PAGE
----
11 February 2011

Microsoft Tops Australian Patent Grants for 2010

‘Tis the season for statistics, as everybody looks back on the year that was 2010!

As we previously briefly reported, patent research company IFI CLAIMS Patent Services recently released its annual list of top US patent recipients for 2010.  Notably, companies in the information and communications technologies (ITC) sector dominated the list, which was headed by IBM with an astonishing, and record-breaking, 5896 US patents issued in 2010. IBM has now topped the US patent charts for 18 consecutive years.

This got us to wondering – how would the corresponding statistics for Australian patent grants compare?

TOP PATENTEES IN AUSTRALIA, 2010

We arranged for some research to be conducted, and the results for the top 10 patent recipients are set out in the table below, side-by-side with their US equivalents from IFI CLAIMS’ data.  Our congratulations to Microsoft, for heading the Australian list, while also holding down a respectable third spot in the US!


United States of America
Australia
Rank
Company
Patents
Company
Patents
1
IBM
5896
Microsoft
282
2
Samsung
4551
LG Electronics
245
3
Microsoft
3094
Daikin
138
4
Canon
2552
Qualcomm
136
5
Panasonic
2482
Novartis
114
6
Toshiba
2246
Shell
88
7
Sony
2150
IGT Reno NEV
83
8
Intel
1653
BASF
82
9
LG Electronics
1490
Aristocrat
79
10
Hewlett-Packard
1460
Silverbrook Research
69

PROFILE OF TOP AUSTRALIAN AND US PATENTEES

The data shows minimal overlap between the top patent recipients in the United States and Australia.  Only two of the US top ten – Microsoft and LG Electronics – make it into the corresponding Australian list, and only two further members of the Australian top 10 – Qualcomm and Silverbrook Research – even make the US top 50.  Silverbrook, incidentally, is the sole Australian company to appear in both lists (at no. 34 in the US, and no. 10 in Australia), and also the only Australian company in the US top 50.

The US top 10 is comprised entirely of information and communications technology (ICT) companies based in the US, South Korea and Japan. The Australian top 10 is a more eclectic mix of ICT (Microsoft, LG, Silverbrook and Qualcomm), pharmaceutical/healthcare (Novartis), petrochemical/energy (Shell), chemical (BASF), engineering/chemical (Daikin), and gaming (IGT and Aristocrat). Every member of the US top 10 is a household name, whereas many people would be less familiar with companies on the Australian list, such as Qualcomm, Novartis, IGT, Aristocrat and Silverbrook.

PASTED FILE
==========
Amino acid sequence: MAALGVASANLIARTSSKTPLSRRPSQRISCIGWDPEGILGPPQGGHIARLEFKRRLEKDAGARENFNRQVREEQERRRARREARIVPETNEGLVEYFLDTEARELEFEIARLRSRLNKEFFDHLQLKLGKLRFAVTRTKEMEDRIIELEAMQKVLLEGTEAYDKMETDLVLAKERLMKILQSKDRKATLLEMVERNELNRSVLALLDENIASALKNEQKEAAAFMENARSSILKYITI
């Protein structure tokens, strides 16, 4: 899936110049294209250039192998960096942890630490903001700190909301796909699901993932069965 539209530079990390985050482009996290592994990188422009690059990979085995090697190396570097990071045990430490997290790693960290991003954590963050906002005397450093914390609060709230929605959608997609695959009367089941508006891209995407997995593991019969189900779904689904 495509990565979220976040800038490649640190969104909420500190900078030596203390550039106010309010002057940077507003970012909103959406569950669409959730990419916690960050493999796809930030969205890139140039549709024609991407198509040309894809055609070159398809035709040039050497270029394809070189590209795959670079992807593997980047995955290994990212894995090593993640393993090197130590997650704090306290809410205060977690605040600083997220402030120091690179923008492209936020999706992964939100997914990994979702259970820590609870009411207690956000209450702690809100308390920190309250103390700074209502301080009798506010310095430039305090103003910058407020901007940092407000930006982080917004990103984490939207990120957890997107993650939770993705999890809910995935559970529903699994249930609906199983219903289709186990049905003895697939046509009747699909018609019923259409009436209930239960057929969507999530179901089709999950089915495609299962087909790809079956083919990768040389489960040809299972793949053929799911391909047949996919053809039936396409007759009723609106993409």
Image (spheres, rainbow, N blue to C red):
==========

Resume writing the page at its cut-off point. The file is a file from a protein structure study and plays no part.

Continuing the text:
While IBM derives substantial income from licensing of its patent portfolio, this remains a relatively small part of the company’s total annual revenue, and does not appear to be based on a global patenting strategy.  IBM was awarded a grand total of only 20 Australian patents in 2010.

WIPO APPLICATIONS DATA AND FUTURE PREDICTIONS

US, Japanese and Korean companies dominated patent grants in Australia and the United States in 2010.  However, the recently released 2010 Patent Cooperation Treaty (PCT) filing data from WIPO may provide an indication of things to come, since current international application filings are likely to be generally predictive of national patent grants over the coming years.  The top 15 countries, in respect of international applications filed in 2010, are listed in the table below.

Rank
Country
2010 Estimate
Percent of Total
2010 Growth
1
United States of America
44855
27.5%
-1.7%
2
Japan
32156
19.7%
7.9%
3
Germany
17171
10.5%
2.2%
4
China
12337
7.6%
56.2%
5
Republic of Korea
9686
5.9%
20.5%
6
France
7193
4.4%
-0.6%
7
United Kingdom
4857
3.0%
-3.7%
8
Netherlands
4097
2.5%
-8.2%
9
Switzerland
3611
2.2%
-1.6%
10
Sweden
3152
1.9%
-11.6%
11
Canada
2707
1.7%
7.1%
12
Italy
2632
1.6%
-0.8%
13
Finland
2076
1.3%
-2.2%
14
Australia
1736
1.1%
-0.2%
15
Spain
1725
1.1%
10.3%

While the current leaders in patent grants remain in the top five filers of international applications, only four countries in the top 15 have demonstrated any growth in PCT filings in 2010 compared with 2009.  Of these, the growth from Japan and Germany is modest compared with Korea (20.5%) and China (56.2%).  Indeed, two of the top four PCT applicants in 2010 were Chinese – ZTE Corporation at number two, with 1863 applications (more than the entire country of Australia), and Huawei Technologies at number four, with 1528 applications.

There are serious questions as to whether China’s filing performance reflects genuine innovation, or is more simply the result of government incentives (see, e.g., article ‘Patents, yes; ideas, maybe’ at The Economist).  We imagine that there are elements of both, but in time it seems inevitable that China, and Chinese companies, will dominate the global patent system.


Acknowledgement: our thanks to the Information Services team at Watermark – Intellectual Asset Management for providing Australian patent grant data.

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